Machine Man – Vol. 1, Issue 1 – April 1978 (Marvel Comics)

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TITLE: Machine Man – Vol. 1, Issue 1

YEAR: April 1978

COMPANY: Marvel Comics

Edited, Written and Drawn by Jack Kirby

Lettered and Inked by Mike Rover

Colored by Petra G.

Letterer: Michael Delepine

Enjoyed by Archie G.


Back in 1976, Jack Kirby wrote and penciled the comic adaptation of the 1968 Stanley Kubrick film “2001: A Space Odyssey”.

A comic series that expanded the story featured in the film and marked Kirby’s return to Marvel.  In that series, with issue #8, Kirby introduced Mister Machine, an advanced robot that is designated as X-51.  As many of the robots in the X Series go on a rampage and achieve sentience, they are hunted down by the army.   X-51 who loved his creator Dr. Abel Stack gains sentience but is not a murderous robot.  And as he takes on the name Aaron Stack, he tries to blend into humanity.

This issue lasted until the 10th issue of “2001: A Space Odyssey” but the storyline would continue in 1978 with the series “Machine Man” which would last nine issues total for its first volume but the character would appear in “The Incredible Hulk”.  “Machine Man” would receive another go ahead, continuing with issue #10 featuring writing by Marv Wolfman (and Tom DeFalco) and artist Steve Ditko and would last through issue #19.

The series would find new life in 1984-1985 with a four-pissue miniseries written by Tom DeFalco and artwork by Herb Trimpe and Barry Windsor-Smith and would take place in the future (2020) with the reassembly of the Machine Man.  And in 1999, a new series would begin titled “X-51” but this time reconstructed by Sentinel-based nanotechnology and now he goes after mutants.

I enjoyed the series as a child and reading it again over 35-years later, the storyline is quite campy.

As Machine Man is hiding out near forests and mountains and what do you know, people in the area get into deep trouble until Machine Man comes to rescue them.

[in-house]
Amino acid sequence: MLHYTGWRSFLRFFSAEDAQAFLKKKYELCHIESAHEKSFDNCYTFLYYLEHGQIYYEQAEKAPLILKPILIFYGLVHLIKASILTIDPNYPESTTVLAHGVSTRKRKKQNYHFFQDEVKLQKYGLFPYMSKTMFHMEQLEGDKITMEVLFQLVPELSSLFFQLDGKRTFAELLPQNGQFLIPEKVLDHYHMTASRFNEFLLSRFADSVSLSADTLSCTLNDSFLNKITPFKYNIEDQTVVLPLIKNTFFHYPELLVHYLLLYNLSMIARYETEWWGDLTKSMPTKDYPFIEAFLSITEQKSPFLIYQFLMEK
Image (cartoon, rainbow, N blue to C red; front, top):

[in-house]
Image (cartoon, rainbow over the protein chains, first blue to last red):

While sentient, good-natured but also very naive, it’s interesting when he helps a man in the forest, who kindly gives him a rid.  The man, Spalding, reveals himself to be a psychiatrist and when he tries to help Machine Man, needless to say there communication with each other becomes a little heated.

Needless to say, once Machine Man makes it into public and him hoping he can fit in with humanity, the military who has orders to destroy the last remaining X Series robot is hot after the trail of Machine Man.

But what happens when the military confronts the Machine Man?

Needless to say, for a child to read a story about another machine, unlike Tony Stark in his Iron Man armor, Machine Man is a sentient being who wants to be accepted by society.  But doesn’t realize how people would perceive of him being different because of all the technology within him.  From the ability to stretch out his arms, change his feet to a skateboard and pretty much not being a true human, his naivety could get him into deep trouble.

Overall, an entertaining, campy (which fits that ’70s style of storytelling) but enjoyable storyline from the legendary Jack Kirby.


 

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